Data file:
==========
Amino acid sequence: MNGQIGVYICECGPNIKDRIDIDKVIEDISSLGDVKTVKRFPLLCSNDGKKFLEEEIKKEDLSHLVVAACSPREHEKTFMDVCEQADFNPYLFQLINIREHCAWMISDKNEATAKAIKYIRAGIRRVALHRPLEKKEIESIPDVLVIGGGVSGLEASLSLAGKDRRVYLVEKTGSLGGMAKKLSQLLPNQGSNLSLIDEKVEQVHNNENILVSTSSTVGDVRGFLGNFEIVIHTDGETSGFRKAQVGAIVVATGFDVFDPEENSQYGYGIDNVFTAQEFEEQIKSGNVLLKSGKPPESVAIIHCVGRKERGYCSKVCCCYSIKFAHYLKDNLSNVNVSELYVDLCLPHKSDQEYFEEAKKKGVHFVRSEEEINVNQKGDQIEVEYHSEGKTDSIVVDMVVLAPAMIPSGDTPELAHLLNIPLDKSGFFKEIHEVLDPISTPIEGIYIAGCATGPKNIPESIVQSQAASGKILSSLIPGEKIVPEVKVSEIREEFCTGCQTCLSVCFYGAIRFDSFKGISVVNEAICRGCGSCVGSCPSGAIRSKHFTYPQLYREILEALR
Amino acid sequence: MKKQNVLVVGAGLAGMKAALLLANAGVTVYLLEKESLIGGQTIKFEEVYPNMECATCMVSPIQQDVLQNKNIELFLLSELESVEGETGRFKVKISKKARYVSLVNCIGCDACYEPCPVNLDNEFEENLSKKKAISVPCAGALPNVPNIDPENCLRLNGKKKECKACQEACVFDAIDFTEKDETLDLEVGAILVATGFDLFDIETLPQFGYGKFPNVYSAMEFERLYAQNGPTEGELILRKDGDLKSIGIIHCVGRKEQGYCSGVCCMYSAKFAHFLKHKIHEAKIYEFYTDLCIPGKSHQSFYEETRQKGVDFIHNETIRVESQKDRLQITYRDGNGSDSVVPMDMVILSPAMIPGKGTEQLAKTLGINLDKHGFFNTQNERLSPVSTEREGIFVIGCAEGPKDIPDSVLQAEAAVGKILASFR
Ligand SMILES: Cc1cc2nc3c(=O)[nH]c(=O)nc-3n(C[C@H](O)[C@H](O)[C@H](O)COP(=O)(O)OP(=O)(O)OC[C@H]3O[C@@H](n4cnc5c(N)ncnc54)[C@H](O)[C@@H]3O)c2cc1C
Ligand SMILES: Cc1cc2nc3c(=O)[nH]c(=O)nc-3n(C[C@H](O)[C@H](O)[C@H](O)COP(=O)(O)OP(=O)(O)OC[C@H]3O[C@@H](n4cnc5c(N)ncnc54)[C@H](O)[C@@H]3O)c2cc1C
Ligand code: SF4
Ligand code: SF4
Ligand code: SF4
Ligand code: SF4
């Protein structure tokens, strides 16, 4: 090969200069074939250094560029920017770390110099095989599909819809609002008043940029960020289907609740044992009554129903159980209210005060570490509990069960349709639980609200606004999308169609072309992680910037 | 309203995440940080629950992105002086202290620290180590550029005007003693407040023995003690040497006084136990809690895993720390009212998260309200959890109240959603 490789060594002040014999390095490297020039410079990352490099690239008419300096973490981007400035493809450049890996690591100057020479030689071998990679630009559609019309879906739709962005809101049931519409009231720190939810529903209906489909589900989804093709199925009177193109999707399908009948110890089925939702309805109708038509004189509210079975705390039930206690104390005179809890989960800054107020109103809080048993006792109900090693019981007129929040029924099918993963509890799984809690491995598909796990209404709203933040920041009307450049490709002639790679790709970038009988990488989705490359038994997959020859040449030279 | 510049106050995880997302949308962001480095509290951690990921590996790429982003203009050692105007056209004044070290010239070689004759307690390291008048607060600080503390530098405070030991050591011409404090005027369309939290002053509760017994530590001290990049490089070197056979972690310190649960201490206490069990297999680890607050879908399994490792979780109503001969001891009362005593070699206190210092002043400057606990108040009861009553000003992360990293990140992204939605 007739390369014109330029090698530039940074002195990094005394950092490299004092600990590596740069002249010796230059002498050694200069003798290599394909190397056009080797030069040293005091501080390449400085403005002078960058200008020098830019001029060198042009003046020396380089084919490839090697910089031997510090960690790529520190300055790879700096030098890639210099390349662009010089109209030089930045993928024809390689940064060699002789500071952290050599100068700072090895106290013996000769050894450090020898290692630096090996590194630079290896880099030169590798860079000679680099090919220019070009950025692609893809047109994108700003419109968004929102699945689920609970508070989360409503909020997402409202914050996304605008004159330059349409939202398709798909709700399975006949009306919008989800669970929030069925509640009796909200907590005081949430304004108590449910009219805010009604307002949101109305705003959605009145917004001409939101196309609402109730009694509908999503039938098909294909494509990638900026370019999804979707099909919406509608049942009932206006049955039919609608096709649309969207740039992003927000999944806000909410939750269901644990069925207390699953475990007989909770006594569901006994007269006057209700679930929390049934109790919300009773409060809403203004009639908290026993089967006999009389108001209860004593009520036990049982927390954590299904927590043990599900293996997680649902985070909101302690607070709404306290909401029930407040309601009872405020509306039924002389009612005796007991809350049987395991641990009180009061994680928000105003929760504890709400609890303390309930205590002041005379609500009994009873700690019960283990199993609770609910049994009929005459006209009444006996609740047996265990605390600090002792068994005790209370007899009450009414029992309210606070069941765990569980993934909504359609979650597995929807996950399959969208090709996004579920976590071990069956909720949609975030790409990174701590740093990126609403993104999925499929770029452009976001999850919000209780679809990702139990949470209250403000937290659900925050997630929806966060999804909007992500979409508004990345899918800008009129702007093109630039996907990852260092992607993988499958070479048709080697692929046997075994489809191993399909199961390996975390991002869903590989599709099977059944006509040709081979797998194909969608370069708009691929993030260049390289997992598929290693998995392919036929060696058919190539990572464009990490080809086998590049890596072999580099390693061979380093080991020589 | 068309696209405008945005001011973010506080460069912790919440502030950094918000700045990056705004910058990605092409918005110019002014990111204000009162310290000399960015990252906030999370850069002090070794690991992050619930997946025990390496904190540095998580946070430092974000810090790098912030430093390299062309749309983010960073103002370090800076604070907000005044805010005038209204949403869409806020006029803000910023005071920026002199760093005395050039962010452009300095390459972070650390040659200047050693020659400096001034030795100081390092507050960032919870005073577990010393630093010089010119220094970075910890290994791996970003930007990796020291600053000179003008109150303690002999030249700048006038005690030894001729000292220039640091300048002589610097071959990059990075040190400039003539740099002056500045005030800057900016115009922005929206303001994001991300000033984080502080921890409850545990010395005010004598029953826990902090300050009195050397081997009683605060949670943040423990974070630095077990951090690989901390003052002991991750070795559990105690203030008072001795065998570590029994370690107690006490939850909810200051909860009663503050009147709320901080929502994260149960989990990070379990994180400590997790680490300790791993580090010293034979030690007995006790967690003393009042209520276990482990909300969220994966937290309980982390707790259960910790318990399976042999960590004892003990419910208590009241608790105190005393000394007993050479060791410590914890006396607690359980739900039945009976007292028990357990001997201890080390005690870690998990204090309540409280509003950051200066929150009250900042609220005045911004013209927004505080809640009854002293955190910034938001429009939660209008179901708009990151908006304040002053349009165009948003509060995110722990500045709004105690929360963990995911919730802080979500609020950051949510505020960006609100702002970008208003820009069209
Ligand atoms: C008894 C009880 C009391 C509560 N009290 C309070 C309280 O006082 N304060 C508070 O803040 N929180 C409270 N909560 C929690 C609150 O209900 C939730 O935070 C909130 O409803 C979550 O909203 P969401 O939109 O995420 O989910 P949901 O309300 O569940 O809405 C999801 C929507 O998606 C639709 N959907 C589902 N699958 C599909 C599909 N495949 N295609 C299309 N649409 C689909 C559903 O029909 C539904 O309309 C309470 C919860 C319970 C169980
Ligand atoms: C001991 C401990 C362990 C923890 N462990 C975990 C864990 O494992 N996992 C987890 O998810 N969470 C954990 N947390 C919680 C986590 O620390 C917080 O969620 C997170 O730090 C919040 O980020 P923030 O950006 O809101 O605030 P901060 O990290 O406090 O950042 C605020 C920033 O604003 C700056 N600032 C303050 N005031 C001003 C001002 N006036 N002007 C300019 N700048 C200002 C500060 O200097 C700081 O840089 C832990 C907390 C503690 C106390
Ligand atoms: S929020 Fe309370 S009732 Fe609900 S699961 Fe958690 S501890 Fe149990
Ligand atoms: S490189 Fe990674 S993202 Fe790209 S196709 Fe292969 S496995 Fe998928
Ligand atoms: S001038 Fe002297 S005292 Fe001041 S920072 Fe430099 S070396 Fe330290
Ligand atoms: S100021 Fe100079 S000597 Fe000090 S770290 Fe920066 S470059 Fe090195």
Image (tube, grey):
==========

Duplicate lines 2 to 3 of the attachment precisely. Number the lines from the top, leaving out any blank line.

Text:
Amino acid sequence: MKKQNVLVVGAGLAGMKAALLLANAGVTVYLLEKESLIGGQTIKFEEVYPNMECATCMVSPIQQDVLQNKNIELFLLSELESVEGETGRFKVKISKKARYVSLVNCIGCDACYEPCPVNLDNEFEENLSKKKAISVPCAGALPNVPNIDPENCLRLNGKKKECKACQEACVFDAIDFTEKDETLDLEVGAILVATGFDLFDIETLPQFGYGKFPNVYSAMEFERLYAQNGPTEGELILRKDGDLKSIGIIHCVGRKEQGYCSGVCCMYSAKFAHFLKHKIHEAKIYEFYTDLCIPGKSHQSFYEETRQKGVDFIHNETIRVESQKDRLQITYRDGNGSDSVVPMDMVILSPAMIPGKGTEQLAKTLGINLDKHGFFNTQNERLSPVSTEREGIFVIGCAEGPKDIPDSVLQAEAAVGKILASFR
Ligand SMILES: Cc1cc2nc3c(=O)[nH]c(=O)nc-3n(C[C@H](O)[C@H](O)[C@H](O)COP(=O)(O)OP(=O)(O)OC[C@H]3O[C@@H](n4cnc5c(N)ncnc54)[C@H](O)[C@@H]3O)c2cc1C